Researchers at the University of Chicago recently created a single-molecule diode only a few tens of atoms in size and 1,000 times smaller than its conventional counterparts. Theorists from the University of South Florida and the Russian Academy of Sciences recently determined how the device works. The researchers found electron energy levels in a molecule are efficient channels for transferring electrons from one electrode to another.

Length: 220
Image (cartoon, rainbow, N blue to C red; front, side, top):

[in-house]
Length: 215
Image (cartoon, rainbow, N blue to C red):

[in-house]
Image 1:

Because the molecule in the diode is asymmetrical, it responds to electrical voltage asymmetrically. The channels conduct electrons in one direction but limit flow in the opposite direction, even if the voltage polarity reverses.
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Credit: Trent Schindler, National Science Foundation